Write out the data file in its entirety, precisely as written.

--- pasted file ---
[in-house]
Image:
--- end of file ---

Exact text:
[in-house]
Image: